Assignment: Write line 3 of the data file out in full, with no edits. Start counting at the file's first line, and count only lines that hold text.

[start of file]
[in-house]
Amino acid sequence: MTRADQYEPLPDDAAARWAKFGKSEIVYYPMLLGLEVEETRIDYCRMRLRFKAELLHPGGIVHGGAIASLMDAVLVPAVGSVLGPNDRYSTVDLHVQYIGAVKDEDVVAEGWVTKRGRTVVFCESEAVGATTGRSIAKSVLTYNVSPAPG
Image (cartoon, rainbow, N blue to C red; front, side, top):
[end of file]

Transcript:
Image (cartoon, rainbow, N blue to C red; front, side, top):